Aftermath of Withdrawl: Why Believe in Bush?
He's been wrong, wrong, wrong, and now he's right?
by Chip Ward
President Bush and his administration have no strategy to get us out of Iraq short of the "victory" imagined by his delusional vice president, Dick Cheney. Instead we get a "surge," similar to accelerating when you realize the car is headed over the cliff. Bush and his supporters scold war critics who suggest withdrawal, claiming that a sudden exit would lead to a bloodbath of civil warfare and ethnic cleansing, as if that is not what is already going on. Even those who oppose the war outright concede that the bloodbath scenario accompanied by a wider regional war once we leave is easy to imagine, especially in the absence of any coherent strategy to bring Iraq's neighbors into a peace process.
But what if the bleak picture that the Bush team paints of a post-withdrawal Iraq is as off the mark as all those rosy assessments of what the war would accomplish – a vibrant Iraqi democracy shining as a beacon of enlightenment across the troubled Middle East?
While the rest of us watch in horror as the worst foreign policy disaster in American history relentlessly unfolds with no end in sight, Bush supporters talk of finishing the job and even winning. Their capacity for self-serving denial is bottomless.
So why should we believe the administration when they tell us now that if we withdraw our troops soon, the civil war and ethnic cleansing that we see today will get much worse and that the chaos will turn into regional or even world war? Admittedly, it is easy to imagine the actual bloodbath we see in Iraq getting worse, just as it was easy to imagine those weapons of mass destruction, the terrorist links, or the liberated Iraqis throwing roses at our troops. But is also easy to imagine other more hopeful scenarios that the Bush administration does not mention.
I imagine that Iran, Syria and Jordan do not want even more refugees pouring across their borders to escape civil war, perhaps millions of people needing care who will destabilize their societies and drain their treasuries. I imagine that once we are gone, neighboring nations will have enormous incentives to promote a settlement of the civil conflicts that now rage unabated in Iraq because it would be in their self-interest to do so.
I imagine that Saudi Arabia, Iran, and Islamic leaders across the planet cringe at the notion of the equivalent of a world war between Shiites and Sunnis spreading across the Middle East and that they will try everything they can to prevent that from happening.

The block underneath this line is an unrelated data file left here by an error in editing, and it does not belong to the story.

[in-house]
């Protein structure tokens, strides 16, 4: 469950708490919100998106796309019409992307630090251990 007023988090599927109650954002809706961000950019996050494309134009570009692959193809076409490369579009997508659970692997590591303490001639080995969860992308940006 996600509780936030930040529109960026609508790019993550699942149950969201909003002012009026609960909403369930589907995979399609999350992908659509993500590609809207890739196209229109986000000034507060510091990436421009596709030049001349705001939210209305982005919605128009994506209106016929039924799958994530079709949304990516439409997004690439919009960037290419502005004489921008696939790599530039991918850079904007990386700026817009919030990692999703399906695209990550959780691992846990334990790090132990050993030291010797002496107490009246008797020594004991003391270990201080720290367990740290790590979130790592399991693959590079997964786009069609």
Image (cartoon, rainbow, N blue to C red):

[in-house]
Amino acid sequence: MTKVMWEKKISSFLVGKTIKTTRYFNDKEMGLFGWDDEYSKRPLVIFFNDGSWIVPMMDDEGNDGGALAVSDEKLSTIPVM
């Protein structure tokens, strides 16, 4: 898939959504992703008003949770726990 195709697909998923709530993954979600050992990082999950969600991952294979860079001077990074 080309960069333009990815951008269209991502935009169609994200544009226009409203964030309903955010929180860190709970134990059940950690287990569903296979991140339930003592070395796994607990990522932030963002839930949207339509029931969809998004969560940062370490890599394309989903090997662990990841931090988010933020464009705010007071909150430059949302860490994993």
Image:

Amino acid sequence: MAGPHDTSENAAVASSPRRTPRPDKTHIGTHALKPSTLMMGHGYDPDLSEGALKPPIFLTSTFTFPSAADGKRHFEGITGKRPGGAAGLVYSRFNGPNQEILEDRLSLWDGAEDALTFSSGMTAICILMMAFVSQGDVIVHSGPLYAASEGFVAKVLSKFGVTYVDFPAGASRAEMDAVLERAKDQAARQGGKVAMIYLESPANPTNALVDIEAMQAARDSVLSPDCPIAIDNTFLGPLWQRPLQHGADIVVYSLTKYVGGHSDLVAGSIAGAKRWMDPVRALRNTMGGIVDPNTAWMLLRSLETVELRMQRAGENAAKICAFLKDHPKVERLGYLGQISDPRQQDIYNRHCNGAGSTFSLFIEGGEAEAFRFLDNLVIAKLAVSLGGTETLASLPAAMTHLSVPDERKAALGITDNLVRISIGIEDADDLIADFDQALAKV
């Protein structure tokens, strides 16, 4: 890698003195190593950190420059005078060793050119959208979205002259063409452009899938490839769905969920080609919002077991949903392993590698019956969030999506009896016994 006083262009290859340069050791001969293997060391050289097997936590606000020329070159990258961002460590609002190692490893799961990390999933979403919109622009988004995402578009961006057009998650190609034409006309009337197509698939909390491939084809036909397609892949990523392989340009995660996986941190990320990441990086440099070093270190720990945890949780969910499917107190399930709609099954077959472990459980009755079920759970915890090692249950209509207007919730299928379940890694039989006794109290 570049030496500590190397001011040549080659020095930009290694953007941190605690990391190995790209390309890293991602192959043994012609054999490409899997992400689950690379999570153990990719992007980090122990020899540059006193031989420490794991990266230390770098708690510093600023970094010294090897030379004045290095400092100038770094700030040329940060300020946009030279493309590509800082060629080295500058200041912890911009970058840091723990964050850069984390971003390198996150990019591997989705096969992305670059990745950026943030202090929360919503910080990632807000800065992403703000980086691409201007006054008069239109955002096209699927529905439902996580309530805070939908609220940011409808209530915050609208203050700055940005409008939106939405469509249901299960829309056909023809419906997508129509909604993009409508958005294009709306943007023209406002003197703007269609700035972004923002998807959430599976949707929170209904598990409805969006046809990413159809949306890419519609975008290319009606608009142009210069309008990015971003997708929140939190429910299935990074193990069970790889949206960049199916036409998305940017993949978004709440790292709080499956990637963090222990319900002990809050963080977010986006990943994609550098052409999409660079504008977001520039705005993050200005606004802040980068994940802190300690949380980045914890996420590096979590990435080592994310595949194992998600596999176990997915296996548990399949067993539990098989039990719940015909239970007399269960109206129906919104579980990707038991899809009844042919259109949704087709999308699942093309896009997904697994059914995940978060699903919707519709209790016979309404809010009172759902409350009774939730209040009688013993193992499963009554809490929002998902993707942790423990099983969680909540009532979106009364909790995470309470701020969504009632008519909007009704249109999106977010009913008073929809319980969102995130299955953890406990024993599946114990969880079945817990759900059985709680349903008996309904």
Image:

I imagine that Iraqi nationalists, whether Sunni, Shia, or Kurdish, would have little tolerance for armed foreign militants in their communities once the invasion is over and those "jihadis" are no longer useful to the insurgency.
I cannot imagine that that the civil war in Iraq will end as long as U.S. troops are on the ground. While we are in Iraq and building enormous permanent bases to stay there, it is not in the interest of Iraqi nationalists or neighboring countries to see us succeed. I cannot imagine they are willing to surrender to us the oil that is their only trump card in the game of international trade and politics.
And I cannot imagine that after being so consistently, completely, fundamentally, and tragically wrong about the war over and over again, that the Bush administration and its supporters finally got it right.
I remember during the Vietnam War we were told repeatedly that if South Vietnam fell to the Communists, Red China would dominate Vietnam and push on to conquer Thailand, Malaysia, Indonesia, and the world. Instead, not long after South Vietnam fell to the communists, a united Vietnam went to war with China. The war's supporters in the United States relentlessly used the so-called "domino theory" to keep it going and to scare us from supporting withdrawal then, just as the "bloodbath" theory is used today to scare us into staying in Iraq. It may be just as wrong.
Fortunately for him, Bush and his supporters get an exemption from the standard of credibility that we apply to everyone else. As we live our lives from day to day, we trust or mistrust others on the basis of our experience with them. So, for example, if a car mechanic rips you off, you find another mechanic. If your broker loses your money, you get another broker. If your doctor misdiagnoses your ailment, you change doctors or at least get a second opinion the next time around. So why do so many Americans tolerate from President Bush a level of misdiagnosis, incompetence and failure that they would never tolerate from, say, their household plumber? Why believe a word he says?
The time has come to hold the war's hawks to the same standard of credibility any of us would insist on for the guy that fixes the roof or sells us life insurance, and it is time to do what we would do if we were cheated and lied to by anyone else in our day-to-day lives. We would dismiss them outright, turn our backs on them, walk away, scoff at their advice, tell them off, fire them, sue them, or even call the police and bring charges against them. We can debate whether impeachment is the right course or not, but this is much is clear: We should never believe them again, ever.
Chip Ward recently retired as the assistant director of the Salt Lake City Public Library System to devote more time to political activism and writing. His books, "Canaries on the Rim: Living Downwind in the West" and "Hope's Horizon: Three Visions for Healing the American Land," encourage us to embrace our roles as citizens and to act now to restore a democratic culture to America.